Sections 3.4 of Theory of Computing, A Gentle Introduction.
Then printout the homework and answer the questions on that paper.

The 6-tuple (Q,Σ,Γ,Δ,s,W) tells you what a PDA is, but it doesn't tell you how the thing works ... it's kind of like having the Monopoly board and pieces without haveing the rules that tell you how to play. In the next few sections, we'll develop those rules. The first step is to define a notion of configuration.

Definition: For PDA M = (Q,Σ,Γ,Δ,s,W) a configuation of M is a 3-tuple (p,w,v) ⊆ Q × Σ* × Γ *, where p is the current state, w is the unread input, and v is the contents of the stack. Note: the bottom of the stack corresponds to the far right of the string.

Just as with finite automata, a configuration is like a snapshot of the machine in the middle of a computation. It has all the information you would need to continue the computation from that point.

Yields in One Step ($\Rightarrow$) and Zero-or-more Steps ($\Rightarrow^*$)
A machine is allowed to go from one configuration to another provided there is a transition that allows it. This means we really need to precisely define what a transition is, i.e. what does it do to a machine when it is taken. That's our good friend "yields in one step". It provides the rules for how the machine works!

Definition: For machine $M = (Q,\Sigma,\Gamma,\Delta,s,W)$, configuration $(p,u,v)$ yields $(q,u',v')$ in one step [which we write as $(p,u,v) \Rightarrow_M (q,u',v')$] provided that there is an $x \in \Sigma \cup \lambda$, and strings $r,y,z \in \Gamma^*$ such that
  1. $u = xu'$,      $\leftarrow$ means $x$ is the character read or, if $x = \lambda$, nothing is read
  2. $v = y r$,      $\leftarrow$ means $y$ is the string popped off the stack
  3. $v' = z r$ and      $\leftarrow$ means $z$ is the string pushed onto the stack (note this corresponds to pushing one character at a time in reverse order!)
  4. $(p,x,y,q,z) \in \Delta$.      $\leftarrow$ means there is a transition from $p$ to $q$ reading $x$, popping $y$ and pushing $z$.

Of course we have our good friend $\Rightarrow_M^*$ (yields in zero or more steps) analogous to what we did for DFAs, NDFAs, and grammar derivations.

Accepting computation
Finally, of course, we need to define what it means for a machine to accept/reject a string.

Definition: Machine M = (Q,Σ,Γ,Δ,s,W) accepts string w ∈ Σ* if there exists a sequence of configurations
\[ (s,w,\lambda) \Rightarrow_M^* (q,\lambda,v) \]
where $q \in W$. If a string is not accepted, i.e. no such sequence of configurations exists, it is rejected.

we looked at a nice example of a PDA last class that accepted anbn.
Now we can write down an accpeting computation of this machine as a sequence of configurations. For example given input w = aabb we have to following accepting computation:
(q0,aabb,λ) ⇒ (q1,aabb,\$) ⇒ (q1,abb,a\$) ⇒ (q1,bb,aa\$) ⇒ (q1,b,a\$) ⇒ (q1,λ,\$) ⇒ (q2,λ,λ)

Yet another Mystery Algorithm
Consider the following Mystery Algorithm:
Input: CFG G = (Σ, NT, R, S)
Output: PDA $M$ s.t. _____________________
\[ M = \left( \{q_0,q_1,q_2\},\Sigma,\Sigma \cup NT \cup \{\$\}, \Delta, q_0,\{q_2\} \right) \] where \[ \Delta = \left\{ (q_0,\lambda,\lambda,q_1,\$), (q_1,\lambda,S\$,q_2,\lambda) \right\} \cup \left\{ (q_1,\lambda,w^R,q_1,A)\ |\ (A,w) \in R \right\} \cup \left\{(q_1,x,\lambda,q_1,x) \ |\ x \in \Sigma\right\} \]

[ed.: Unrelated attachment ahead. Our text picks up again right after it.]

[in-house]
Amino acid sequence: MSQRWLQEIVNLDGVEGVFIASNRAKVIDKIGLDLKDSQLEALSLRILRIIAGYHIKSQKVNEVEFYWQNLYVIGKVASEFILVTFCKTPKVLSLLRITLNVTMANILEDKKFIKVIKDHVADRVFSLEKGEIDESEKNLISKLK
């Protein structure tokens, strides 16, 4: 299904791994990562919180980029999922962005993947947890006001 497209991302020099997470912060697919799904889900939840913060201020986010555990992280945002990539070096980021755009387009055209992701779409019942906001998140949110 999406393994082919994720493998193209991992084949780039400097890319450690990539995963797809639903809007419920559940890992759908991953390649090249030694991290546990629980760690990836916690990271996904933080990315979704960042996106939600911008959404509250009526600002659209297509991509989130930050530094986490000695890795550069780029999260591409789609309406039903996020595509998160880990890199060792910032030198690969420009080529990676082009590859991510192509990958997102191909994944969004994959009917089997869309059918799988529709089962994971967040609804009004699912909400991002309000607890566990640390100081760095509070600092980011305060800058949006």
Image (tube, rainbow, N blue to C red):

What does this algorithm output for input G = ({1,0,+},{S,B},{(S,S+B),(S,B),(B,1),(B,0)},S)?

M = ( {q0,q1,q2}, Σ, Σ ∪ NT ∪ {$}, { (q0,λ,λ,q1,\$), (q1,λ,S\$,q2,λ),
(q1,λ,B+S,q1,S), (q1,λ,B,q1,S),
(q1,λ,0,q1,B), (q1,λ,1,q1,B),
(q1,0,λ,q1,0), (q1,1,λ,q1,1),
} , q0,{q2} )

Mystery Algorithm Unmasked
The Mystery Algorithm actually takes grammar G and produces a push down automaton M that accepts the language generated by G. This is a handy algorithm. For starters, it proves a nice theorem:
Theorem: If a language is generated by a CFG, it is accepted by some PDA.
Second, this means that we can specify a language with a grammar, and create an automaton to recognize strings for us. We could even imagine augmenting this machine to create a parse tree for us. However, while this machine accepts the language in theory, it's pretty useless in practice. Why? Because it is really nondeterministic. Algorithms for creating deterministic machines from input grammars is a whole big field in and of itself. This is at the heart of "parsing" for programming languages.

Ignoring the nondeterministic aspect of this mathine, though, let's see why we say that it "parses" a string. Suppose that whenever we take a transition based on the rule A ⇒ w, a transition that pops wR off the stack and replaces it with A, we annotate the new varible A with the value that it replaced. When an accepting computation completes, we'll have just popped an S off the stack that is annotated with ... the entire parse tree. The following sloppy diagram should show how that works for the simple example above and the input string 0 + 1 + 1.

Consider CFG G: \[ \begin{array}{l} S \longrightarrow S+B\ |\ B\\ B \longrightarrow 0\ |\ 1 \end{array} \]

The diagram shows the operation of the PDA $M$ produced by MysteryAlgorithm for grammar $G$, as the machine processes string $0+1+1$.

So if, given a grammar, we can make a deterministic version of the machine produced by the above Mystery Algorithm, we will be able to parse strings in the language defined by the grammar.

Christopher W Brown
Last modified: Mon Nov 2 08:38:35 EST 2009